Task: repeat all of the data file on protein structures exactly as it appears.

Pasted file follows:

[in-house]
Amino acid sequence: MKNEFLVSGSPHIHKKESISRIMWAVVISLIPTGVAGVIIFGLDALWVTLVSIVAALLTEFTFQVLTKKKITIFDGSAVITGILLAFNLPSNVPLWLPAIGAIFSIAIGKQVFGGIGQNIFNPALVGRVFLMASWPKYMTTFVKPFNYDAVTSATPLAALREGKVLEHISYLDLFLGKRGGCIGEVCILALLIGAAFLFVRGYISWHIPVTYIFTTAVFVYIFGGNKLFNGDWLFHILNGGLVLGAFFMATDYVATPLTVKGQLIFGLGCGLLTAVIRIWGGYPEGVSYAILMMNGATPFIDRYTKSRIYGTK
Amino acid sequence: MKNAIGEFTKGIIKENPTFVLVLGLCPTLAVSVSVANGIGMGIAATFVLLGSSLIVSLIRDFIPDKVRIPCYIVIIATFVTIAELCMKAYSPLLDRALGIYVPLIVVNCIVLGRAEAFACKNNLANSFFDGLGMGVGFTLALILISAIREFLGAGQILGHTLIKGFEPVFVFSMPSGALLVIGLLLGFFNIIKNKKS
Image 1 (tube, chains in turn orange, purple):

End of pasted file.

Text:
[in-house]
Amino acid sequence: MKNEFLVSGSPHIHKKESISRIMWAVVISLIPTGVAGVIIFGLDALWVTLVSIVAALLTEFTFQVLTKKKITIFDGSAVITGILLAFNLPSNVPLWLPAIGAIFSIAIGKQVFGGIGQNIFNPALVGRVFLMASWPKYMTTFVKPFNYDAVTSATPLAALREGKVLEHISYLDLFLGKRGGCIGEVCILALLIGAAFLFVRGYISWHIPVTYIFTTAVFVYIFGGNKLFNGDWLFHILNGGLVLGAFFMATDYVATPLTVKGQLIFGLGCGLLTAVIRIWGGYPEGVSYAILMMNGATPFIDRYTKSRIYGTK
Amino acid sequence: MKNAIGEFTKGIIKENPTFVLVLGLCPTLAVSVSVANGIGMGIAATFVLLGSSLIVSLIRDFIPDKVRIPCYIVIIATFVTIAELCMKAYSPLLDRALGIYVPLIVVNCIVLGRAEAFACKNNLANSFFDGLGMGVGFTLALILISAIREFLGAGQILGHTLIKGFEPVFVFSMPSGALLVIGLLLGFFNIIKNKKS
Image 1 (tube, chains in turn orange, purple):